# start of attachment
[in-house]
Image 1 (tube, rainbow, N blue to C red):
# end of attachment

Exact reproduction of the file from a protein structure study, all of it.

[in-house]
Image 1 (tube, rainbow, N blue to C red):